Tag Archives: Press Complaints Commission

Guest post: Do we need moderation guidelines for dealing with mental health issues?

Last month the Press Complaints Commission made a judgement in a case involving discriminatory comments on a newspaper article. The case highlighted the issue of journalism on mental health and how it is treated by publishers alongside similar considerations such as sexuality, gender, religion and ethnicity. The complaint also led to a change in The Guardian’s moderation rules.

In a guest post for the Online Journalism Blog the person who brought that case, Beatrice Bray, writes about her experiences of comment abuse, and the role she feels publishers should take in dealing both with comments relating to mental health, as well as writers with mental health issues.

Last April I wrote a rallying cry for the Guardian for all who have endured taunts about mental ill health. In my reply article Cartoonists should be careful how they portray mental health (23/4/10) I reclaimed the word “psychotic”. Guardian cartoonist Martin Rowson had used the word to abuse Mrs Thatcher. I put him right.

I am a long-standing reader of the Guardian newspaper but I did not know the website audience. Being a proud campaigner I told Guardian readers that I had bipolar disorder and had experienced psychosis.

I expected a civil hearing. Newspaper readers did oblige but many online readers were foul.

The Guardian’s managing editor Chris Elliott did not warn me about the impending abuse. That was a mistake. I think Mr Elliott knew I would face hostility but I do not think he realised how badly I would be hurt.

Those insults made me physically sick. My head was sore for many weeks. This was all so pointless. If Mr Elliott had given me a chance to discuss the risks involved we both could have taken precautions. Instead there was a row.

Guardian staff gave me an apology but told me to grow a “thick skin”. That jibe spurned me into going to the Press Complaints Commission. It is free. It is also less adversarial and less costly than a disability tribunal.

I was not asking for anything unprecedented. The BBC has guidelines on working with vulnerable people. We need to extend this to new media.

Working with vulnerable people

For example when dealing with discussion sites moderators need to deal swiftly with abuse. They also must facilitate discussions so that they do not turn nasty.

Staff should appreciate the reasons for this action. This is not prima donna treatment. This action is necessary because the writer and many of the readers share a common disability. They all have mental health problems.

Section 2 of the PCC Editors’ code promised fairness to complainants. I thought it only fair to ask for warning of abuse but in my PCC ruling the Guardian and the PCC disagreed with me. The PCC did not say why.

However, I did score other points.

Before the PCC ruling the Guardian at my request did add the word “disability” to its moderation rules.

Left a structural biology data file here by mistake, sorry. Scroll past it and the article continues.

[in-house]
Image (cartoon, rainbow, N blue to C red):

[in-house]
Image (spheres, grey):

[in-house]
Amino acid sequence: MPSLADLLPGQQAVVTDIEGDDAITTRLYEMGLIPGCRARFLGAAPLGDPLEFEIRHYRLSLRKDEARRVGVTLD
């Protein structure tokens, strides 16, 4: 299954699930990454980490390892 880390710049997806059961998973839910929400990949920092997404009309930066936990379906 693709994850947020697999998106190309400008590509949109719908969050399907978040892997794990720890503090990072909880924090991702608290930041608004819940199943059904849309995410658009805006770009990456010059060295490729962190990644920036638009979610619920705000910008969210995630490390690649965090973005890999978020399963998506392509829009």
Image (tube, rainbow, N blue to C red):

The PCC and the Guardian and did apologise with regard to the abuse.

Guardian online readers called me, amongst other things, a “nutter” and a “retard”. Unfortunately both the Guardian and PCC refused to accept that this was discrimination as defined by the terms of section 12 of the Editor’s code of the PCC.

This is not just semantics. To me the word “discrimination” is a word with power. It holds the abuser responsible but the PCC fights shy of doing that online.

I now know that you can only complain to the PCC if a staff member makes a discriminatory remark about you. Comments made by non-staff members do not fall within the PCC’s remit. My abusers were not Guardian staff.

It is a shame. By being discrimination deniers both the Guardian and the PCC cut themselves off from a store of knowledge on handling disability and mental health in particular.

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The Press Complaints Commission consultation: respond by January 25th

The Press Complaints commission, which is the industry body which attempts to regulate the printed media, and now the corresponding websites, is engaged in a “Governance Review” – and is wanting responses by January 25th 2010.

The commission last had the attention of bloggers when a proposal was made by the PCC Chairman Baroness Buscombe that they should be regulated by the PCC. Unity, at Liberal Conspiracy, organised a response which drew expressions of support from perhaps 300 bloggers over the following 3 days.

At that point I also commented on some problems with the PCC itself :

Baroness Buscombe, the Press Complaints Commission and the Internet: Hard Questions

Firstly, the Chairman of the Press Complaints Commission is a position which surely depends on political and commercial neutrality. (Baroness Buscombe takes the Tory Whip in the Lords)

Secondly, despite the Chairman of the PCC clearly needing to be a neutral figure, Baroness Buscombe used her speech to the Society of Editors to make party political points.